SS: I remember once there was a fundraiser that we were trying to put together for a humanitarian cause and it was an interfaith event. And in a lot of these kinds of collaborations sometimes people like to take full credit for stuff that you might be doing, that you should get credit for. So she's always good about sensing. She has a radar for stuff like that and is able to see it before I see it sometimes, you know? So that's helpful.
AA: I was skeptical about a certain kind of work that she wanted to pursue because of how I thought I knew her. And because of my protective attitude towards her, I was always concerned about her not being in a situation that would challenge her spiritually. But ultimately, she's a very strong women and she will make her decisions and then end up actually explaining to me how it was important that she do a certain kind of work, and what it is that she actually had to bring to the table. In fact, she wasn't as fragile as I may have thought she was.
SS: Having Sister Aisha as my mentor has really helped me to have a lot more stability in life. Having someone who will listen to me and be on my side no matter what I might be going through—she has my back.
The Hair Experts
Keisha Doxy, owner, Cherry’s Unisex Salon; Petagay Lindo, Hairstylist at Cherry’s Unisex Salon
On Becoming a Hairstylist
Keisha Doxy (KD): I always been a hairstylist. The first job that I offered, I went on the interview, I thought it was Fulton Street in the city but it turned out to be Fulton Street. I get off the wrong train. I wasn't used to traveling on the train and stuff. The owner, Gene, at the time was retiring. And it was been a week since I've been there, and he was like, "You know, I'm retiring and I would like you to take over the shop." And I was like, "You sure?"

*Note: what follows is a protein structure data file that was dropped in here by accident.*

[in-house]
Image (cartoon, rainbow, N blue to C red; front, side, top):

Peta-Gaye Lindo (PL): [I like] styling people's hair, making them feel good about themselves, making them feel pretty. The customers come and they talk to us and they tell us, you know, some of their secrets, and we have a great bond.
The Meet Cute
KD: [Peta-Gaye] looked just like me when I just started out. Eager to take care of the customer. Eager to please the customer. Not only with the hairstyle, but in everything else. If the customer wants water, she would go get the water. If the customer have a baby, she would hold the baby.
PL: Actually, I met her through my uncle's wife—she knew that I liked doing hair and she knew Keisha for a while, and she introduced me and my sister to Keisha. And we both started working [at Cherry’s Unisex Salon]. It's been like eight years.
Next in Line
KD: I think with women, there is a lot of pettiness. There is a lot of arguments between each of us because there is over 15 people in the salon, so you have to know when to pick your fight, when to say something, when not to say something. She have learned that. All the stuff I have taught her. You can see it every day. I'm very impressed. If I was supposed to retire, she would be the perfect person to take over.
PL: [Being like a family], that's a little challenging! We have our ups and our downs, but the next day we still come in and we say hi to each other like nothing ever happened and get back to work as well.
The Software Engineers
Diana Shkolnikov, software engineer and manager at Mapzen; Liza Daly, software engineer and executive
On the First Phone Call
Diana Shkolnikov (DS): Liza was doing a talk for a conference and she was preparing material, and she put out a call for interviews. I reached out to her and said that I have some thoughts on, you know, leadership in the software engineering space because I was new to it and so it was still very fresh in my mind.
Liza Daly (LD): I first met Diana when I was looking for women who were in tech to interview for a talk I was going to give on engineering leadership and culture. And the talk wasn't actually about women specifically, but I felt like I would get more interesting answers if I talked to women in the field than if I talked to the same men who get quoted all the time. We had a great interview for that, and then afterwards she told me she was looking for a mentor and I said I would be happy to do that.